A LawFlash prepared by our energy team discusses likely results of the Texas power outages and blackouts during the recent winter storm, which include federal and state investigations into the outages, federal investigations into commodity and futures price spikes during the storm, force majeure inquiries, and demands for corrective actions to ensure future reliability of the grid system.
FERC, CFTC, and State Energy Law Developments
On February 17, Texas Governor Greg Abbott took the extraordinary measure of directing the Railroad Commission of Texas (RRC) to restrict out-of-state exports of natural gas produced in Texas through February 21. Noting the unprecedented extreme weather events facing the state, Governor Abbott’s directive seeks to “ensure that any natural gas currently in Texas is not sent outside of Texas,” unless it is first offered for sale to in-state power generators. Governor Abbott “mandate[d] that all sourced natural gas be made available for sale to local power generation opportunities before leaving the state of Texas.”
FERC Chairman Richard Glick announced his plans on February 11 to better incorporate environmental justice and equity concerns into FERC’s decisionmaking process.
Midcontinent Independent System Operator (MISO) has issued a report analyzing the effects of renewable energy growth in the MISO region and concluding that the system can reliably accommodate a significant percentage of variable renewable resources.
The US Department of Energy submitted a report to the president last month on “Economic and National Security Impacts under a Hydraulic Fracturing Ban.” This 80-page report analyzed the effects of a hypothetical United States ban on high-volume hydraulic fracturing technology used with any new or existing onshore wells starting in 2021 through 2025.
A natural gas trader pleaded guilty in federal district court last week to conspiring to commit commodities fraud and wire fraud in an insider trading scheme over natural gas futures. His co-conspirator had pleaded guilty last July to conspiracy to commit wire fraud and to violate various provisions of the Commodity Exchange Act and the Commodity Futures Trading Commission’s (CFTC) anti-manipulation rule.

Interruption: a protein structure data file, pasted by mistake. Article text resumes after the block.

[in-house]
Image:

In May 2020, US President Donald Trump issued Executive Order 13920, banning the unrestricted import or use of certain categories of bulk-power system electric equipment from foreign adversaries, with a focus on Russian and Chinese equipment suppliers. The future of that regulation is now up in the air.
The US Supreme Court granted certification on February 3 to review the US Court of Appeals for the Third Circuit’s decision in In re PennEast Pipeline Co. in order to resolve an important question: Does the Natural Gas Act (NGA) delegate authority to exercise the federal government’s eminent domain power to condemn land in which a state claims an interest when FERC grants a certificate of public convenience and necessity for an interstate pipeline project?
Our colleagues in the tax practice recently prepared a LawFlash examining the final regulation on the Section 45Q carbon capture tax credit issued by the US Department of the Treasury and Internal Revenue Service. We discussed the draft regulations in an earlier LawFlash, which also provides background on the Section 45Q credit. Because the final rule was published and took effect before the inauguration of President Joe Biden, the regulation is not subject to the regulatory freeze issued by the new administration.
During its January open meeting, FERC issued an order directing independent system operators (ISOs) and regional transmission organizations (RTOs) to submit informational reports regarding co-located generation resources. The order focuses on so-called “hybrid resources,” which is a term that refers generally to sets of co-located resources sharing a single point of interconnection that can be separately dispatchable or modeled and dispatched as a single integrated resource. The forthcoming reports could shed light on the manner in which hybrid resources are, or could be, participating in wholesale markets as well as the hurdles to such participation.